Associate Feature: Moving mountains to tackle climate change
The need to reduce our carbon emissions is clear, but how to make net zero a reality whilst also having a power grid which is secure, affordable, and sustainable is now the central question facing policymakers in Holyrood and Westminster.
This set of interrelated and potentially competing goals are the complex set of challenges known as the ‘energy trilemma’. Each of these three outcomes must be balanced in order to ensure that energy systems are resilient, efficient, and effective.
In the last decade, the UK has decarbonised its power grid faster than any other major economy thanks to the growth of biomass, wind, and solar power. But what happens to our power grid when the wind doesn’t blow, or the sun doesn’t shine? How can we have a green grid but at the same time have secure power supplies at an affordable price?
At Drax, we believe pumped storage hydro is a critical technology which is perfectly placed to help solve this trilemma. It’s the only proven grid-scale technology which can store vast quantities of energy for long durations. These sites act like giant water batteries, using excess power from the grid to pump water to an upper reservoir where it is stored, before re-releasing it to generate electricity when demand requires.
Each year, the UK spends hundreds of millions of pounds constraining wind farms as there is either too much power being generated versus demand, or there are bottlenecks on the transmission system meaning it can’t be transported. An independent report, commissioned by Drax in 2022, found the cost of these constraints reached a record annual high of over £500m.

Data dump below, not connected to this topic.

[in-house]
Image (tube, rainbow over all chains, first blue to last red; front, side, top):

We can’t afford to let renewable power go to waste. That’s why Drax is progressing plans to build a new pumped storage hydro plant at our existing Cruachan facility in Argyll. Like the existing plant, the new power station will be built underground inside Ben Cruachan. This will be done by creating a new hollowed-out cavern which would be large enough to fit Big Ben on its side.
The development – which could be the first newly constructed plant of its kind in the UK in more than 40 years – will give the UK a more secure, affordable, and sustainable power grid.
Unlocking investment, enabling renewables
In pumped storage hydro, we have a tried and tested solution to the energy trilemma, but unfortunately there are barriers to unlocking private investment in such transformational projects. While the UK’s policy and market support mechanisms have evolved to enable new build renewables, the current framework isn’t suitable for pumped storage projects. That’s part of the reason why no new plants have been built in the UK since 1984.
Alongside other developers of long-duration electricity storage projects, Drax is calling on the UK Government to take action to help secure billions of pounds of private investment to get these projects off the ground. The case for introducing a new policy mechanism to provide revenue certainty to these types of projects, such as a cap and floor, is overwhelming.
This mechanism is tried and tested and has been integral to supporting the roll-out of cross-border interconnectors over the last decade. It enables private equity to see the project’s maximum and minimum revenues over an extended period, which reduces risk and uncertainty and helps attract investment.
Under this type of scheme, operators would hand back profits in excess of the cap. On the other hand, support would only be given in the event revenues do not meet the floor level, providing value for money for consumers
We need big, bold solutions to solve the energy trilemma. Drax is ready to move mountains to make a more secure, affordable, and sustainable power grid.
Ian Kinnaird is Drax’s Scottish Assets Director
This article is sponsored by Drax.